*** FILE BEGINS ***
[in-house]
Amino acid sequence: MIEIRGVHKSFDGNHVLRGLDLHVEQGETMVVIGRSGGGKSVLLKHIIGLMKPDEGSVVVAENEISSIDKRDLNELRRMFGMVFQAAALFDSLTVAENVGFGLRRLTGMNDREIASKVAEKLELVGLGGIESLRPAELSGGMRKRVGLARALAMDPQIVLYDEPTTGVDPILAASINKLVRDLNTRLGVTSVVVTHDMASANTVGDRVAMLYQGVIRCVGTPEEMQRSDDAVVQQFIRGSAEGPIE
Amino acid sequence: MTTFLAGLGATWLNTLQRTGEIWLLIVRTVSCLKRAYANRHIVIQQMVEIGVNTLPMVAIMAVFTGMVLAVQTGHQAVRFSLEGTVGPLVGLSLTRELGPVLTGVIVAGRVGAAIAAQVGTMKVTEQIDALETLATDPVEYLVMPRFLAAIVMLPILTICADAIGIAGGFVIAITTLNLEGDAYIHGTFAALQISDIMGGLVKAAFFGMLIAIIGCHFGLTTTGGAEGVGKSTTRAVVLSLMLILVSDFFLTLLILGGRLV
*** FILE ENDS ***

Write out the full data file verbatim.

[in-house]
Amino acid sequence: MIEIRGVHKSFDGNHVLRGLDLHVEQGETMVVIGRSGGGKSVLLKHIIGLMKPDEGSVVVAENEISSIDKRDLNELRRMFGMVFQAAALFDSLTVAENVGFGLRRLTGMNDREIASKVAEKLELVGLGGIESLRPAELSGGMRKRVGLARALAMDPQIVLYDEPTTGVDPILAASINKLVRDLNTRLGVTSVVVTHDMASANTVGDRVAMLYQGVIRCVGTPEEMQRSDDAVVQQFIRGSAEGPIE
Amino acid sequence: MTTFLAGLGATWLNTLQRTGEIWLLIVRTVSCLKRAYANRHIVIQQMVEIGVNTLPMVAIMAVFTGMVLAVQTGHQAVRFSLEGTVGPLVGLSLTRELGPVLTGVIVAGRVGAAIAAQVGTMKVTEQIDALETLATDPVEYLVMPRFLAAIVMLPILTICADAIGIAGGFVIAITTLNLEGDAYIHGTFAALQISDIMGGLVKAAFFGMLIAIIGCHFGLTTTGGAEGVGKSTTRAVVLSLMLILVSDFFLTLLILGGRLV